Heathrow Expansion: Brent Council's idea of stakeholder consultation

In November 2016 Brent FoE contacted Councillor Butt, Leader of the Council to voice our concerns over the Council's support of the Heathrow Airport expansion. See below for a copy of this letter and further correspondence. The response was vague and paid little more than lip service to our concerns. Today, some 10 months after our first letter was sent, we are yet to be shown any evidence to support the council's assertions and have been provided with no further detail of what the proposed robust mitigation measures to minimise the environmental impact of the expansion might look like... 
11th November 2016
Dear Councillor Butt,
We are aware that Brent Council’s policy for the last year or so has been to support the building of a third runway at Heathrow. We are writing to ask that you reconsider this stance.
We believe that it would make a lot more sense for Brent Council to do all it can to oppose the proposed expansion of Heathrow. We believe that it is vital to oppose this development, for the following reasons:
1)    Crucially, the expansion of Heathrow will put the UK in breach of its international commitments to limit greenhouse gas emissions, including the Paris Agreement adopted in December 2015 and signed by the British Government earlier this year. It is clear that Heathrow expansion will further accelerate climate change[i].
2)    The expansion of Heathrow will increase aircraft noise in the area, which has proven deleterious  effects on health[ii].
3)    Heathrow expansion will add to NO2 air pollution, which is a major problem in London, which breached its annual limits on air pollution in the first week of 2016[iii]. The recent ruling in the High Court concerning the case brought by ClientEarth means that the Government is already in breach of the law on air pollution, and must comply as soon as possible[iv]. The increase in road traffic as well as  flights from Heathrow will make this impossible. Brent already faces high levels of pollution from the North Circular Road, one of the most polluted roads in London, and this development can only exacerbate this problem. Air pollution is a major danger to public health[v].
4)    The UK business case for this expansion of facilities at the airport is highly disputed. Independent  analysis shows that the economic benefit to the UK over a period of 60 years is less than the cost of a  cup of coffee for each airport passenger[vi].
5)    The case for expansion in terms of local employment or regeneration is similarly unclear. The Airports Commission itself states that any new jobs created are likely to be specialised jobs, with employees coming from other areas of the UK[vii], putting more strain on housing provision[viii]. In its analysis of the impact on London Boroughs, Brent is not considered, as it is not one of the 5 boroughs  that presently employ half of Heathrow’s staff.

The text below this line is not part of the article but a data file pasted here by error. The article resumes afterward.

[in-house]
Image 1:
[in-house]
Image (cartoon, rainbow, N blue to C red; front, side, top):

For all of these reasons, we call on Brent Council to oppose this expansion, in line with the policy of the  London Mayor, Sadiq Khan, and in accordance with the policy currently being pursued by the Labour Party in the Richmond Park by-election.
Yours sincerely,
Ian Saville and Pam Laurance
Joint Coordinators, Brent Friends of the Earth

[i]See ‘Heathrow expansion and climate change’, Briefing paper by West London Friends of the Earth.
[ii]‘Aircraft noise and public health; the evidence is loud and clear’, Report by Aviation Environment Federation, January 2016.
[iii]‘London takes just one week to breach annual air pollution limits’ The Guardian, January 8th 2016.
[v]See Aviation Environment Federation analysis: http://www.aef.org.uk/issues/air-pollution/
[vi]‘Howard Davies on aviation and climate change’ https://www.gov.uk/government/news/airports-commission-releases-final-report, p. 147, and commentary by West London Friends of the Earth.
[vii]  Airports Commission: ‘Economy: Wider Economic Impacts Assessment’ (July 2015), https://www.gov.uk/government/publications/airports-commission-final-rep... - 3rd document. Para 3.19, page 16
[viii]Airports Commission: ‘Heathrow Airport North West Runway: Business Case and Sustainability Assessment’ (Nov 2014).  https://www.gov.uk/government/uploads/system/uploads/attachment_data/fil... .  Para 1.56, page 25.
From: Brent FoE <info@brentfoe.com>
Sent: 11 July 2017 11:45
To: Butt, Councillor Muhammed
Subject: Heathrow expansion
Dear Muhammed Butt,
I have attached a letter that Brent Friends of the Earth sent you last November, regarding the Council's support for the plans for Heathrow expansion. As far as we are aware, we received no reply to this. Perhaps, with other matters pressing, the issue was overlooked.
It would be good if the Council could revisit this question, as particularly on the question of air pollution, evidence is mounting that this development would not be in the best interests of Brent residents. Indeed, at the "Clean Air for Brent" meeting at the Civic Hall on Thursday 6th July, Cllr Eleanor Southwood expressed some concern that this would lead to more traffic and higher levels of pollution in the borough.
We would therefore appreciate your response to our proposal that Brent should oppose the development of a third runway at Heathrow.
With best wishes,
Ian Saville and Pam Laurance,
Coordinators, Brent Friends of the Earth
From: Dave, Amar
Date: 28 July 2017 at 12:37
To: Brent FOE <info@brentfoe.com>

Dear Mr Saville and Ms Laurance,
Thank you for your email to the Leader, Cllr Muhammed Butt, and for drawing our attention to your letter of last year regarding the Heathrow Airport third runway. As Strategic Director for Regeneration and Environment at Brent, the Leader has asked me to respond on his behalf.